Birkenfeld's lawyers: “Stop enabling tax cheats or you will get caught"

Business quote of the day.

Stop enabling tax cheats or you will get caught                                                  

Lawyers for Bradley Birkenfeld, alias “Tarantula”, the former UBS banker who informed authorities about tax evasion at the bank and was paid $104m. Birkenfeld was awarded what is believed to be the largest-ever payout to a whistleblower under a US law to reward tax informers.

His information led to a $780m settlement between UBS and US authorities in 2009 – and a 30 month prison sentence for his own part in the tax evasion.

Helen Roxburgh is online editor of economia.

Bradley Birkenfeld, former UBS banker who informed authorities about tax evasion. Photograph, Getty Images

Helen Roxburgh is the online editor of Economia

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Could tactical voting stop Brexit?

Could tactical votes soften the Brexit blow?

Could tactical voting save Britain from the hardest of exits from the European Union?

That's the hope of Open Britain, which has unveiled a list of 20 seats held by supporters of a hard Brexit (19 Conservatives and one Labour MP, Kate Hoey) in areas that either split evenly in the referendum or backed a Remain vote, and a list of 20 seats held by pro-Europeans: among them Labour MPs Pat McFadden and Liz Kendall, Liberal Democrat MPs Nick Clegg and Tom Brake, and Caroline Lucas, the Greens' sole MP. (Read the full list here.)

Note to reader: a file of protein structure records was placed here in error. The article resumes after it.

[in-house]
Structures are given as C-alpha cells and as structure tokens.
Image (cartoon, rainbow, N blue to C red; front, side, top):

"Remain group seeks to oust pro-Brexit MPs" is the Guardian's splash. The intiative has received the thumbs up from Peter Mandelson on Newsnight and Tony Blair in the Guardian. But will it work?

A quick look at the seats in question shows the challenge for anyone hoping for a pro-European front to frustrate Brexit. Theresa Villiers has a majority of more than 7,000 over Labour: and if you're a voter in Chipping Barnet who backed a Remain vote because you were worried about your house price, is Jeremy Corbyn really the answer to your problems? (That said, it's worth noting that thanks to the scale of the 2015 defeat, Chipping Barnet is one of the seats Labour would have to win to get a majority in the House of Commons.)

Or take, say, Kate Hoey in Vauxhall, one of the few people in Labour who can claim to be a unifying figure these days. Yes, she is deeply unpopular in her local party who have mounted several attempts to remove her. Yes, Vauxhall voted heavily to Remain. But - as Jessica Elgot finds in her profile for the Guardian- it also has a large amount of social housing and has more children living in poverty than all but 51 other seats in the House of Commons. There are a great number of people who believe their own interests are better served by sending a Labour MP to Westminster rather than refighting the referendum.

That's a reminder of three things: the first is that the stereotype of the Remain vote as people straight out of the Boden catalogue misses a number of things. The second is that for many people, Brexit will take a back seat.

But the big problem is that you can't make an anti-Brexit - which, by necessity, is essentially an anti-Conservative - alliance work if the main anti-Conservative party is so weak and unattractive to most people. "Voting pro-European" may give Labour's Corbynsceptics a way to advocate a vote for Labour that doesn't endorse Jeremy Corbyn. That doesn't mean it will succeed in stopping Brexit.

Stephen Bush is special correspondent at the New Statesman. His daily briefing, Morning Call, provides a quick and essential guide to British politics.

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